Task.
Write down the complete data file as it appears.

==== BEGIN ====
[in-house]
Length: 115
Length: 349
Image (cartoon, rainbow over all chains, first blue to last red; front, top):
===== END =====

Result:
[in-house]
Length: 115
Length: 349
Image (cartoon, rainbow over all chains, first blue to last red; front, top):